(75) an account of the remarkable effect James' treatment had on subsequent psychological and sociological works.) For example, the following statements by James (35) were amply substantiated by recent experimental investigations:"I, who for the time have staked my all on being a psychologist, am mortified if others know much more psychology than I. But I am contented to wallow in the grossest ignorance of Greek. My deficiencies there give me no sense of personal humiliation at all. Had I 'pretensions' to be a linguist, it would have been just the reverse. So we have the paradox of a man shamed to death because he is only the second pugilist or the second oarsman in the world. That he is able to beat the whole population of the globe minus one is nothing; he has 'pitted' himself to beat that one; and as long as he doesn't do that nothing else counts. He is to his own regard as if he were not, indeed he is not.
"Yonder puny fellow, however, whom every one can beat, suffers no chagrin about it, for he has long ago abandoned the attempt to 'carry that line,' as the merchants say, of self at all. With no attempt there can be no failure; with no failure no humiliation. So our self-feeling in this world depends entirely on what we back ourselves to be and do. It is determined by the ratio of our actualities to our supposed potentialities; a fraction of which our pretensions are the denominator and the numerator our success: thus, Self-esteem= Success/Pretensions. Such a fraction may be increased as well by diminishing the denominator as by increasing the numerator" (p. 310 f.).
The effects of ego- involvements upon more or less basic psychological functions have been demonstrated by numerous investigators. For example, such differential effects have been shown on remembering by Bartlett (6), Zillig (77), Seeleman (61), Edwards (21), and Wallen (73); on learning and retention by Clark (14), Levine and Murphy (38) , and Alper (1) ; on the level of aspiration by Chapman and Volkmann (13), Sears (60), and Holt (33); on perception by Hartley and Hartley (29); on confidence ratings by Klein and Schoenfeld (37); and on judgment by Marks (42), etc. Recently, the relationship of ego-involvements with status and class have been studied by Hyman (34) and Centers (i2) respectively.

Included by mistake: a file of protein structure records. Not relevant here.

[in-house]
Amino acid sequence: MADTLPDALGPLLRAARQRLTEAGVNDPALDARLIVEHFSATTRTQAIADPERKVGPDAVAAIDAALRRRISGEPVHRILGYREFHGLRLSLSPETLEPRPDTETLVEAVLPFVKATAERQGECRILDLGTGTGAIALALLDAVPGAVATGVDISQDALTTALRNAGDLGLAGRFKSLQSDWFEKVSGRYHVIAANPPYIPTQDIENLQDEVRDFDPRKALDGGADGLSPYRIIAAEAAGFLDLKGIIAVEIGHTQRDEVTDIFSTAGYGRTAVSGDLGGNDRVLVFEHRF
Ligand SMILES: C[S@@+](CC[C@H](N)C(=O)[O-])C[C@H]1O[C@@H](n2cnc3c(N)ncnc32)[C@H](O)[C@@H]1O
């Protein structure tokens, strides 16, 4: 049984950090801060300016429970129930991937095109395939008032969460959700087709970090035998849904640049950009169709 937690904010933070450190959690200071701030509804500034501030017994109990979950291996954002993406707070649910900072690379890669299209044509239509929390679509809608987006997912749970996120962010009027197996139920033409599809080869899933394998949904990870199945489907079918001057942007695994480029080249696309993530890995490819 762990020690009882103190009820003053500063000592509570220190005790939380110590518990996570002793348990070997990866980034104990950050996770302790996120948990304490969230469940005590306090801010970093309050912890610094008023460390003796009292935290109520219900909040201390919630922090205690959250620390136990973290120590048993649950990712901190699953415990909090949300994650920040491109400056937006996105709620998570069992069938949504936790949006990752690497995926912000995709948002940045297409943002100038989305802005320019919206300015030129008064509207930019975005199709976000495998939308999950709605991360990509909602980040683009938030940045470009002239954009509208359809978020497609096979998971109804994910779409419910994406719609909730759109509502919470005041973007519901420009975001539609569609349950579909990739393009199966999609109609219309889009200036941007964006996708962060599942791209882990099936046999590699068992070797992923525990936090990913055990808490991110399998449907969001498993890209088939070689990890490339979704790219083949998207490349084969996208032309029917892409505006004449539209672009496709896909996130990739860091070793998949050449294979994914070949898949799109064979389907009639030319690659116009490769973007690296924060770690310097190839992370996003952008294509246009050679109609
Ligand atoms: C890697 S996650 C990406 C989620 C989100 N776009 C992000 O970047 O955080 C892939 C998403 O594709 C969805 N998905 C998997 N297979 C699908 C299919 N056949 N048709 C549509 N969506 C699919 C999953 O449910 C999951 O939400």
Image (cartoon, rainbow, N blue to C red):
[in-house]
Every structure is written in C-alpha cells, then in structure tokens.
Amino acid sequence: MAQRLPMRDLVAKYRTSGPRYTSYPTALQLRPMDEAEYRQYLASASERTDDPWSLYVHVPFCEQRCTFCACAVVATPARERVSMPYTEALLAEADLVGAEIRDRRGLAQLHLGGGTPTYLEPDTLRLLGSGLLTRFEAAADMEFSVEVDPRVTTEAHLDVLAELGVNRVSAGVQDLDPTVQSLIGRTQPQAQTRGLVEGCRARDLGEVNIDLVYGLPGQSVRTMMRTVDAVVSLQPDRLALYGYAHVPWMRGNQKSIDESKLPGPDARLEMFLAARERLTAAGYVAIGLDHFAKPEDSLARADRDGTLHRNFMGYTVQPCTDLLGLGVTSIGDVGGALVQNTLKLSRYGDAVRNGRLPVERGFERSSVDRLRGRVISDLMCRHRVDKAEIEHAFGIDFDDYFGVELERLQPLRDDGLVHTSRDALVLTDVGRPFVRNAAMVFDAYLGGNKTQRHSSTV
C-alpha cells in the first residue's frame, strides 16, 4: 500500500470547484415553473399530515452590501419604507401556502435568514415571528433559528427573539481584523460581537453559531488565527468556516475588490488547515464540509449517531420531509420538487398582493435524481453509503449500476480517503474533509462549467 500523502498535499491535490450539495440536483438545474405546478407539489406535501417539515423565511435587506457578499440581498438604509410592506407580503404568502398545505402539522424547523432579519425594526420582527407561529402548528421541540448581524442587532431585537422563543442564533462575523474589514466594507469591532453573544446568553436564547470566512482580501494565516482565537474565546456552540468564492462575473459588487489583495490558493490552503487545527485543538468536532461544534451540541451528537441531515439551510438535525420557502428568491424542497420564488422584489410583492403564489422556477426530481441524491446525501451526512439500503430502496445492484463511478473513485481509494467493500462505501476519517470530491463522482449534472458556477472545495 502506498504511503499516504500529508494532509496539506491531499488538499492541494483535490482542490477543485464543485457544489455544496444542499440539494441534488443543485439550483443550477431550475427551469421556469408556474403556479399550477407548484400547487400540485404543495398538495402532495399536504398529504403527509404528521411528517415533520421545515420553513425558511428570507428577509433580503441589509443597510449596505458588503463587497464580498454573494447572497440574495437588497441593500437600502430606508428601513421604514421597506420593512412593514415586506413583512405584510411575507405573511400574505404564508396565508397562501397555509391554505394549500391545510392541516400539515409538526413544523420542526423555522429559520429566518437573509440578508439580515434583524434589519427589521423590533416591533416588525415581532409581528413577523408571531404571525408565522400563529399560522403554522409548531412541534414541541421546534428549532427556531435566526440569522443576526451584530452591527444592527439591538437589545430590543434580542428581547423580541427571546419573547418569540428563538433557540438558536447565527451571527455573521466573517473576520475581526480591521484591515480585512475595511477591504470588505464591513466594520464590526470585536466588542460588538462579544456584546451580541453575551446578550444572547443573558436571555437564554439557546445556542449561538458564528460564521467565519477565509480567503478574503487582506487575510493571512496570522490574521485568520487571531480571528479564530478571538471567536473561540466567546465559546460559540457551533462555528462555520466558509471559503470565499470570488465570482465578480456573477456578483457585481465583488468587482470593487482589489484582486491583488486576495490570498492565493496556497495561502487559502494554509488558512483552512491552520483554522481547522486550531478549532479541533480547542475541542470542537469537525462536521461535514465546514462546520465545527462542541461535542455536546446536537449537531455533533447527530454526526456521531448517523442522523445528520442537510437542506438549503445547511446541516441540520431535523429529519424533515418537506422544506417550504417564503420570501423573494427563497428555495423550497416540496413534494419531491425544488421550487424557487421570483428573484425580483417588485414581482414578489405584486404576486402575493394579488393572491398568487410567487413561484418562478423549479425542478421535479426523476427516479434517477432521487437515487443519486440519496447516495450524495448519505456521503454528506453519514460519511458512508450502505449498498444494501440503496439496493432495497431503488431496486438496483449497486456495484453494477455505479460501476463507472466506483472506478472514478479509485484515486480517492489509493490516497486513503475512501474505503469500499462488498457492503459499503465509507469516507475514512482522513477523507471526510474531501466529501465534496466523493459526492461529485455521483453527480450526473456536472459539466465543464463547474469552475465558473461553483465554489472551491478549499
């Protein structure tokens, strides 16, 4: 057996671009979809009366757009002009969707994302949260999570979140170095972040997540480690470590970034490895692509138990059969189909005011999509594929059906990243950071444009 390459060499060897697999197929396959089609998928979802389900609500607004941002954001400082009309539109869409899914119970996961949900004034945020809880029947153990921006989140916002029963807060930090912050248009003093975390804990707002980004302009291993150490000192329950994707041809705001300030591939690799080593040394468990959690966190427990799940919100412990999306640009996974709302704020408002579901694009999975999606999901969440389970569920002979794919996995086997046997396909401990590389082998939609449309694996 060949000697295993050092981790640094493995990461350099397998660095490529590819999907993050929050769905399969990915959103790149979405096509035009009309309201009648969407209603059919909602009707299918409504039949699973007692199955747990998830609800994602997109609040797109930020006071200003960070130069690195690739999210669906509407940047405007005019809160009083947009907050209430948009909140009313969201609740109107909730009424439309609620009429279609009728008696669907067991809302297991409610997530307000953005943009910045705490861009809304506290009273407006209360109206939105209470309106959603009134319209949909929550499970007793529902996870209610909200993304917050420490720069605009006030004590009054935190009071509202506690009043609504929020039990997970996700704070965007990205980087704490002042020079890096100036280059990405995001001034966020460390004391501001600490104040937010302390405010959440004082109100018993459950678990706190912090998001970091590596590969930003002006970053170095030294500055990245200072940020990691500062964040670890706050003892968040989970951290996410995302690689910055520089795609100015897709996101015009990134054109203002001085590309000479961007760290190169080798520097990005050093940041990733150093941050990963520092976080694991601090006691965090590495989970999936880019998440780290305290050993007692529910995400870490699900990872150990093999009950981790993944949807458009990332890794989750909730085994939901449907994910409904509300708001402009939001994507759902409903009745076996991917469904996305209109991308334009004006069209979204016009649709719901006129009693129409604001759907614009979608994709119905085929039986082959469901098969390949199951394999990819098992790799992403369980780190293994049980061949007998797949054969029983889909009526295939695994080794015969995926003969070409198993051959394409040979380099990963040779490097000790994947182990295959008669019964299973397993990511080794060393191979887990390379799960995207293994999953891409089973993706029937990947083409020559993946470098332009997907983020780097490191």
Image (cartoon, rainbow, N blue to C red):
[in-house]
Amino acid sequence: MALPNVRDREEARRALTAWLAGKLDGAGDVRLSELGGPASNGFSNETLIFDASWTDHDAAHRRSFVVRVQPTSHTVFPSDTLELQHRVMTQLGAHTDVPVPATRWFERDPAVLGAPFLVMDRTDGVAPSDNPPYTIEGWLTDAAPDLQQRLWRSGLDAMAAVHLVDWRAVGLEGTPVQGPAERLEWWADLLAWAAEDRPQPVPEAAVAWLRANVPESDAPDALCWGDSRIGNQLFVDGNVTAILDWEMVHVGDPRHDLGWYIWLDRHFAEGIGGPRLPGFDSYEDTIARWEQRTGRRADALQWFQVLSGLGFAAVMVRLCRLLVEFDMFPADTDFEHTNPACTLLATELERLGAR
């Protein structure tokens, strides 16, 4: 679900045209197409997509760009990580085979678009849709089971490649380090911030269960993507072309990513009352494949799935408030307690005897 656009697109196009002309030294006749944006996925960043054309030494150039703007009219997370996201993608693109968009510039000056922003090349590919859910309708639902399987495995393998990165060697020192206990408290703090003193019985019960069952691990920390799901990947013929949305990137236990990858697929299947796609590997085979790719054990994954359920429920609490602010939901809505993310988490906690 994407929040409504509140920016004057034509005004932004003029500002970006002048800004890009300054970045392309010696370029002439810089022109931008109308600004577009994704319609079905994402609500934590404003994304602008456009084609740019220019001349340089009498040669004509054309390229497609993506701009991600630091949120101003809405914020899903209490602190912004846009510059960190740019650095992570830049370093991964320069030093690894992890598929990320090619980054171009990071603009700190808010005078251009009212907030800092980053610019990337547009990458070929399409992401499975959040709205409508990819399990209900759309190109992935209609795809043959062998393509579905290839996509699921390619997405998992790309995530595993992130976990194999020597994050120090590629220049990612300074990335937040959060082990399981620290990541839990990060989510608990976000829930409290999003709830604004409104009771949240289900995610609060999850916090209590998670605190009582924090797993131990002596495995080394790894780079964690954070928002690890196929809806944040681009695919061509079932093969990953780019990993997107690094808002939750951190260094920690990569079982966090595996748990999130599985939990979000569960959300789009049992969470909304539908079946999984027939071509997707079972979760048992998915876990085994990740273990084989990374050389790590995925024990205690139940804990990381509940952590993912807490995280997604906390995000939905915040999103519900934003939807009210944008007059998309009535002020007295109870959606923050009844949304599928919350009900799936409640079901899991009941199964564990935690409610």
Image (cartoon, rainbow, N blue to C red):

Some of these investigators explicitly used the concept of egoinvolvements in accounting for their differential results. Klein and Schoenfeld (37) found that confidence ratings for a variety of tasks are more uniform when subjects are told that their performance will be recorded for the university files than when they are not. Wallen (73) showed that the selective forgetting of a list of adjectives when subjects were told that the checked adjectives applied to them differed significantly from forgetting of adjectives relating to another person. Levine and Murphy (38) found that pro-communist and anti-communist subjects show better learning and retention when the material in question is in harmony with their established "frames of reference" than when it is contrary to their own frames. Alper (1) substantiated this and other studies by demonstrating that the learning and retention of nonsense syllables and numbers by ego-involved subjects does not follow three classical "laws" of learning.Equally relevant are the studies of Bartlett (6) who showed how "our attitudes" enter to modify remembering. Hartley and Hartley (29) demonstrated the effects of attitudes toward Negroes on the perception and recognition of pictures of Negroes and whites. K. B. Clark's research on memory (14) indicates that attitudes of feminity-masculinity affect the recall of verbal material related to them. These results, as well as those obtained for W.P.A. workers and college students, indicate that the subjects became ego-involved. For example, there was a pronounced tendency for W.P.A. workers to recall material concerning the anxieties of their work in the first person singular. Seeleman's study (61), also performed under Professor Murphy, shows the differential effects of pro- and anti-Negro attitudes in the recall of pictures and phrases attached to the pictures.